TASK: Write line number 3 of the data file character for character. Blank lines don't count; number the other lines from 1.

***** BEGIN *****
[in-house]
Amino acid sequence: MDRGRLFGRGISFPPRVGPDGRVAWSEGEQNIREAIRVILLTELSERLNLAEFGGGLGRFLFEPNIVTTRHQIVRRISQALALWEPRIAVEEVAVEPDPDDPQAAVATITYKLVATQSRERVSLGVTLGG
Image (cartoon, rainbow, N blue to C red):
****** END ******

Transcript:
Image (cartoon, rainbow, N blue to C red):